This is the article I wrote for the August Newsletter of Hoover First UMC. (Decided I needed to post here more often, so going to start posting some of my sermons and newsletter articles.)
As I write this, the Dog Days of Summer are upon us. This season of the year finds many of us feeling lazy as the summer moves towards a hot, sultry weather end.
After I wrote the words "dog days," I thought I had better find out what it really meant. A search of the internet yielded something unexpected. I always thought that the "dog days" came from the idea that domesticated dogs are just lazy when it is extremely hot. But, this is not the case.
The expression goes all the way back to the Roman times. The brightest star in the sky is Sirius, which is part of the constellation, Canas Major ("large dog") and is sometimes called the Dog Star. During this time of year, from sometime in July to sometime in August, Sirius rises and sets with the Sun. To the ancient peoples, it seemed that this star was adding "heat" to the already warm summer weather.
This surprising history reminded me how through the ages, people have thought that forces beyond their control have pre-determined their lives. Ancient peoples often thought that the stars moving through the sky somehow determined their aspects of their existence. As modern people, we often scoff at the ingorance of previous generations, but even today, people know their zodiac signs and follow their horoscopes which are based on constellation and stellar events.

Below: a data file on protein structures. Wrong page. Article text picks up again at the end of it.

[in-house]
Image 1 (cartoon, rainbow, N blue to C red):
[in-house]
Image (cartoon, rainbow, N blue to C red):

Although we may put less stock in the stars controlling our fate, we do at times fall into the trap of thinking that events in our lives are pre-determined or beyond our control. Yet as Christians, we understand ourselves as blessed by God with freewill. We have the power to make choices and to change our lives. Certainly, there are circumstances that are beyond our control that limit us, but often the biggest limits we face are the ones we place on ourselves. Too often we are like the lazy dogs of summer thinking that eventhing is fated and we are unable to change the course of our life.
Perhaps we sometimes even have this fatalistic way of thinking about our church. We might look around and worry what is ahead for our congregation. But even here, we have a choice. We can choose to follow God's call to faithfully to reach out to others. We can look for God's Spirit at work in the world and seek to join in. Or we can lay down under the porch and just endure the Dog Days....
"See I have set before you today life and prosperity, death and adversity..... I call heaven and earth to witness against you today that I have set before you life and death, belssings and curses. Choose life so that you and your descendeants may live, loving the LORD your God, obeying him, and holding fast to him..." Deuteronomy 30: 15,19-20a